Dennis Anderson grabbed another open seat as the fourth-highest vote-getter, with 2,150 counted as of Tuesday night. The early results showed his closest challenger, Democrat Scott Anthony Cardon, garnering 2,070 votes.

The results make Amanda Gingell, the second most popular candidate with voters, not only the lone female councilor on the board, but also one of only two Democrats. The EMT and volunteer firefighter with the Harrisville Fire District will join Councilor Jeremy Bailey, who is currently two-years into his four-year term on the seven-member board.

Gingell had 2,539 votes as of Tuesday night.

Independent John Anthony Scott, meanwhile, did not secure a second term.

On the School Committee, the top five out of six candidates will soon be sworn in. Incumbent candidate Silvia St. Pierre came in first in the race with 3,838 votes, and both Alexandra LeClair and Donison Allen won another four-year term.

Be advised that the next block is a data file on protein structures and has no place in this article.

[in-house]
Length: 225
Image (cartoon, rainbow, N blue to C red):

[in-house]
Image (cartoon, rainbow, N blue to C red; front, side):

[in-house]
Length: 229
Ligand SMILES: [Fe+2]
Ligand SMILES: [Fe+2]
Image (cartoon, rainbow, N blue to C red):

Terri Lacey and Sean Bouzan will also join the board, securing 3,656 and 3,106 votes by the early tally respectively.

Even results for high-ranking state offices, which across Rhode Island were dominated by Democrats, went to Republican candidates in Burrillville.

Burrillville voters picked Gov. Gina Raimondo’s Republican challenger Allan Fung by a nearly 2-1 margin, although the incumbent easily beat out her opponent once statewide votes were counted, securing a second term.

They also choose Robert Flanders over incumbent Congressional Sen. Sheldon Whitehouse, who won more than 61 percent of the vote state wide.

Anderson, who may have won over voters with the comprehensive literature he handed out as part of the campaign, said some residents referenced his handouts at the polls.

“That happened more than once,” he told NRI NOW Tuesday.

Despite heavy rains throughout the day, the mid-term election saw a relatively high voter turnout.

“The most common thing I heard was what a crappy day for an election,” said Anderson. “People weren’t really interested in standing around and chatting.”

Political signs, no longer needed, are lined up outside behind of Toti’s Tavern.